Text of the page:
Menthol Cigarette Ban

The Food and Drug Administration Thursday pledged again to try to ban menthol cigarettes, this time under pressure from African American groups to remove the mint flavor popular among Black smokers. — AP Photo/Jeff Chiu, File

The U.S. Food and Drug Administration is taking steps to ban menthol flavored cigarettes and all flavored cigars, including menthol flavor, within the next year, according to an agency announcement Thursday.

The aim is to “significantly reduce disease and death” from using these two products. Smoking is the leading cause of preventable death in the United States, according to the U.S. Centers for Disease Control and Prevention.

“Banning menthol — the last allowable flavor — in cigarettes and banning all flavors in cigars will help save lives, particularly among those disproportionately affected by these deadly products,” Acting FDA Commissioner Dr. Janet Woodcock said in a statement. “With these actions, the FDA will help significantly reduce youth initiation, increase the chances of smoking cessation among current smokers, and address health disparities experienced by communities of color, low-income populations, and LGBTQ+ individuals, all of whom are far more likely to use these tobacco products.”

The agency said it hopes to have the ban in place in a year. It cannot ban the flavor immediately because the proposed change needs to go through a legal public comment period.

The regulations would only apply to manufacturers, distributors, retailers, wholesalers and importers so that the product would never make it to the market. The agency cannot take action against individuals who would possess or use menthol tobacco products.

More than a third of all the cigarettes sold in the United States in 2018 — the last year for which statistics were available — were menthol flavored, according to the CDC.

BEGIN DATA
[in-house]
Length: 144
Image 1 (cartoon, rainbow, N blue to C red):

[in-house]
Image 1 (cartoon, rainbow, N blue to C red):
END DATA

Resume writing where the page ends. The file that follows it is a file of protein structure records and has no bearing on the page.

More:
Ban meant to promote health equityThe move is meant to promote better health equity, Mitch Zeller, director of the FDA’s Center for Tobacco Products, said at a news conference Thursday.

“Despite the tremendous progress we’ve made in getting people to stop smoking over the past 55 years, that progress hasn’t been experienced by everyone equally,” said Zeller. “In the United States, compared to non-Hispanic white smokers, significantly fewer Black smokers support long-term quitting and Black smokers are more likely to die of tobacco-related disease than white smokers.”

Mentholated brands of tobacco products have been heavily marketed to racial minorities resulting in disproportionate use. More than 85% of mentholated brand users are Black, nearly 47% are Hispanic, 38% are Asian, nearly 29% are white, according to the CDC.

Studies show that menthol flavoring increases the appeal of tobacco products and can lead people, particularly young people, to become regular smokers. Advertisers of menthol-flavored cigarettes have disproportionately targeted the Black community.

Menthol flavoring is also believed to be more addictive and harder to quit. One study showed that if menthol was banned, within a little over a year, it would lead 923,000 smokers to quit, including 230,000 African Americans.

Menthol-flavored cigarettes are also considered a “tremendous public health threat” for kids, according to the Tobacco Free Kids organization. Pediatricians have long called for a ban on flavored tobacco products, including menthol. For novice smokers, the taste of a cigarette can be too harsh, whereas, flavors make it easier for beginners to try the product.

On Thursday, the American Academy of Pediatrics applauded the announcement from the FDA, calling this an “important step forward.”

“This long overdue decision will protect future generations of young people from nicotine addiction, especially Black children and communities, which have disproportionately suffered from menthol tobacco use due to targeted efforts from the tobacco industry,” the AAP said in a statement. “While the American Academy of Pediatrics commends the FDA’s announcement, it is only a first step that must be followed with urgent, comprehensive action to remove these flavored products from the market.”

CNN

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